Should the government expand access to charter schools?
With charter schools blurring the line between public and private institutions, proponents tout high test scores and college acceptance rates while critics say they are inequitable and drain resources from the most disadvantaged public schools.
Rise of the Issue
A charter school is a tuition-free public school that runs as a school of choice. Since the first charter school opened in 1992, its number has increased to more than 7,600 in the United States. With Minnesota passing the first charter school law in 1991, 43 states have passed a similar law. The charter schools’ enrollment surpassed 3 million in 2016 and now accounts for nearly 7% of the entire U.S. public school students.
Operated based on three principles — accountability, choice, and autonomy, charter schools in part aim to address education disparities and provide personalized learning opportunities to marginalized students of low-income. But while some say that charter schools provide minority students in poverty more learning opportunities in math and reading per year, others say charter schools exacerbate socio-economic segregation within school districts.
Charter School Idea is First Expressed
Ray Budde, Professor at the University Mass Amherst, presented ideas for school district reorganization in a paper titled “Education by Charter.”
Charter School Idea Gets Support from AFT leader
In an op-ed in the New York Times, American Federation of Teachers president Albert Shanker expressed support for a key charter school concept: Teachers set up autonomous schools.
First U.S. Charter School Opens in Minnesota
City Academy in St. Paul, designed for students who dropped out of school and whose homes were wrecked by poverty or substance abuse, opened with an initial enrollment of 35 students.
Federal Charter School Program is Launched
The Clinton administration created the Charter School Program to fund state education agencies trying to create and support local charter schools.
Charter Schools Continue to Grow in Number
By 2021, the number of charter schools in the U.S. increased to more than 7,600, enrolling more than 3.3 million students and comprising nearly 7% of all public school students.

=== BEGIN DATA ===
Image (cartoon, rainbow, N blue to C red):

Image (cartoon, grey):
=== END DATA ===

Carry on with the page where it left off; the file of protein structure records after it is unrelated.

Proponents say charter schools provide parents with an opportunity to choose a school that better fits their children’s educational needs, while opponents argue that ‘school choice’ policies take away funding from public schools to finance these alternative school methods.
Those in favor believe that charter schools give brilliant students from marginalized communities a better chance at succeeding academically, while others denounce the recruitment strategies used by many charter schools as discriminatory.
Some question whether charter schools should really be seen as public schools since they operate very much like private ones, while others assert that they are accessible to all students, if only they meet certain academic standards.
Charter schools are smaller than public schools and have lower average class sizes.
With smaller enrollments and average class size, charter schools offer a higher teacher-to-student ratio.
They foster innovations in learning.
Operating independently from school boards, charter schools are free to try new approaches and methods.
They engender an atmosphere of community.
Students, parents, and teachers share a common goal and are invested together in the success of their school.
They are accountable.
Charter schools open only after agreeing to a contract from a chartering authority defining a mission with specific goals, methods of assessment, and ways to measure success.
They push students toward excellence.
Many charter schools impose GPA requirements and other assignments for students to get in, and have high academic standards, which helps students perform better academically.
Fundraising may be required.
While many public schools raise money for individual programs, charter schools may depend on donations and other methods of outreach for their very existence.
Charter schools take money away from public schools.
A public school losing students to a charter school loses funding for those students.
They have been known to use targeted recruitment strategies.
Some charter schools have been shown to purposefully leave out whole areas, especially Black and Latino neighborhoods, and have conditions that push out students from poorer or less educated backgrounds.
Some have been denounced for implementing harsh discipline.
Cases of aggressive discipline on students have been reported in some of the so-called “no excuses” charter schools.
They tend to have a market-driven mentality.
Because charter schools need funding, it is putting pressure on school administrators to turn a public school into a profitable enterprise.